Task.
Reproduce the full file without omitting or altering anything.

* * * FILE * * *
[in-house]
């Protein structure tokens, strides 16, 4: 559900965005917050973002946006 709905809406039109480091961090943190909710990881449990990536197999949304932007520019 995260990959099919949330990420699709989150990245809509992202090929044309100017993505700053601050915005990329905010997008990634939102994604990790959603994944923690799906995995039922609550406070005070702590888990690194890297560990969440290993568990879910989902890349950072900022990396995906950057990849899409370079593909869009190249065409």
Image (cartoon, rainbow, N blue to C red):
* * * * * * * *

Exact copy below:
[in-house]
């Protein structure tokens, strides 16, 4: 559900965005917050973002946006 709905809406039109480091961090943190909710990881449990990536197999949304932007520019 995260990959099919949330990420699709989150990245809509992202090929044309100017993505700053601050915005990329905010997008990634939102994604990790959603994944923690799906995995039922609550406070005070702590888990690194890297560990969440290993568990879910989902890349950072900022990396995906950057990849899409370079593909869009190249065409």
Image (cartoon, rainbow, N blue to C red):